I believe we’re only as old as we feel, and that each person has a story to tell.
Swiss-American 🇨🇭🇺🇸 currently based in Northern Michigan.
The Long Weekend in the Woods
“The cabin in the woods had been abandoned for years, but one night, a candle burned in the window.” The Scout leader began the story in a hushed voice. Around the campfire, a dozen Scouts sat hunched on wooden benches in a wide circle. Some roasted marshmallows with sticks from the surrounding forest. Others cracked jokes and jostled quietly with one another. A few gazed into the coals of the lively fire with vacant eyes, tired from a day in the woods and on the water.
The Last Serenade
Each day, half an hour before the serving of meals, the string quintet arrived at the first-class dining room aboard the ship. They strode into the grand space, walking past the chandelier fixtures, crystal glass, and ornate china — everything new and in pristine condition. They wore tailored suits of dark fabrics and brought with them instruments in wooden cases. Each day, three times per day, the quintet prepared to perform as the regiments of servants about the dining room completed the last of the table-setting. They spoke quietly among themselves between sets of three-octave scales. They practised the intricacies of complex motifs, playing various measures from their repertoire of classical music.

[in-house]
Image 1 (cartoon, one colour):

Why Brady Manek's possible concussion is troubling for the NCAA
On Monday, April 4, the 83rd annual edition of the men’s NCAA Division I basketball tournament came to a rip-roaring end. The overall #1 seed Kansas Jayhawks battled back from a 15-point halftime deficit to edge an ascendent University of North Carolina (UNC) squad that played several levels better than its #8 seed suggested.
A Westward Stream
"I saw grandma last week." Chelsea spoke matter-of-factly as she lay on the grass, a nearby dandelion catching her attention. She plucked it from the earth, blowing a thousand white bristles into the clear spring air. Each one disappeared into the ether as she reached for another.
Walking the Streets of Home
1/6 “Growing up is not like before,” Javier mused aloud, forking a garbanzo bean in his Mediterranean salad. He drew his legs onto the cushioned seating, assuming a comfortable pose. The polished gleam of his burgundy dress shoes accentuated nicely with pleated green socks. Javier had what every gay man in his late 20s might desire: An excellent fashion sense, a fit body, an easy-going personality, and a willingness to be spontaneous.
The Witch of November
Water, black as the sky above, churns against the howling wind. It moves, swirls, crests, and crashes, heaving itself into the freezing night before falling again to the blackness below. Amid the snaking currents, waves of terrific height rise from the bottomless depths of this cold and infinite sea. Black rocks, jagged from eons of battering wind and water, protrude from the water’s surface like the teeth of vicious animals.
Should we stop flying to help save the environment?
Note: Before offering my argument, this piece has a backstory. In August 2021, I submitted a job application to an online education company. Part of the application required that I write a short, persuasive essay about a topic of my choosing. The idea was that with this essay in hand, the company would be able to determine my ability to advance debate topics in the form of writing.
"Awakenings" (1990) featuring Robert De Niro
In the week leading up to Easter Sunday in 2020, I read "The Legend of Sleepy Hollow" by Washington Irving and watched four feature films: Sleepy Hollow (1999), The Ballad of Buster Scruggs (2018), Seven Years in Tibet (1997), and Awakenings (1990).